- The Washington Times - Sunday, August 25, 2002

OREGON CITY, Ore. (AP) The FBI uncovered human remains yesterday in an outbuilding behind the house of Ward Weaver, the self-described top suspect in the case of two missing girls who lived across the street, officials said.
The remains of one person were found hidden in a shed, said Charlie Mathews, special agent in charge of the FBI's Portland office. Teams continued to look under a concrete slab directly behind the house for more remains, he said.
Police Chief Gordon Huiras said the body had been turned over to the medical examiner and had not been identified.
The FBI began searching Mr. Weaver's property yesterday morning; police erected a chainlink fence around the property late Friday.
After a quiet morning yesterday, activity at the scene picked up around 3 p.m. as crime reconstruction teams, digging equipment and FBI agents poured into the fenced area. A medical examiner's vehicle pulled up about two hours later and backed into a shed near the house.
Around that time, the girls' grandfathers Don Martin and Wesley Duffey abruptly left the search scene, saying they had to be with their daughters.
"Wes got a call from the FBI that said, 'Get to your family now,'" said Cassie Winter, a friend of the families.
Mr. Weaver, a 39-year-old single father who knew both Ashley Pond and Miranda Gaddis, was evicted from the single-story house after his arrest Aug. 13 on charges he raped his son's 19-year-old girlfriend.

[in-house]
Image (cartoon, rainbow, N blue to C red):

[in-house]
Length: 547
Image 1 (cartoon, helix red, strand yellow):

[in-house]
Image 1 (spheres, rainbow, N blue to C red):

The night of the purported rape, his angry and distraught son told 911 dispatchers that his father had confessed to killing Ashley and Miranda.
Mr. Weaver has pleaded not guilty to the charge and denied any involvement in the girls' disappearances, but he has told the Associated Press that he is considered a suspect.
The two 13-year-old girls, friends who lived in the same apartment complex near Mr. Weaver's home, vanished within two months of each other this past winter.
Yesterday morning, police set up two large white portable tents behind Mr. Weaver's house. One appeared to be over the concrete slab; the other was farther back near a shed.
Three search dogs worked the property, along with about 40 investigators from the FBI, Oregon City Police and the Oregon State Police.
Ashley disappeared Jan. 9. She was last seen eating breakfast with her younger sister and was to walk about eight minutes to a bus stop near Mr. Weaver's home. Michelle Duffey, Miranda's mother, last saw her daughter in a bathrobe eating breakfast on March 8.
Linda Beloof, an attorney representing the girls' mothers, said the women "were in a safe place" and didn't want to talk with the media.
Ashley, a friend of Mr. Weaver's daughter Mallori, had been a frequent guest at the house; for several months in 2001 she lived there while her own father was in jail on charges of abusing her.
Mr. Weaver said he often drove Ashley to school and broke up with a girlfriend after fighting about the girl's frequent overnight stays.
Mr. Weaver told AP last month that he treated Ashley as a daughter during visits, often noticing her revealing clothes and asking her to change into something more appropriate.
"My sister, the first time she saw Ashley, she told me I got to watch myself," Mr. Weaver said. "I said 'shut up, she's 12.'"
Miranda also knew Mr. Weaver's daughter and visited his home, but her mother said she stayed overnight only a few times.
Kristi Sloan, Mr. Weaver's ex-wife, said it "makes her sick" that it took the FBI so long to find the bodies. She said she went to agents five months ago with her suspicions about Mr. Weaver.

Sign up for Daily Newsletters

Copyright © 2019 The Washington Times, LLC. Click here for reprint permission.

The Washington Times Comment Policy

The Washington Times welcomes your comments on Spot.im, our third-party provider. Please read our Comment Policy before commenting.


Click to Read More and View Comments

Click to Hide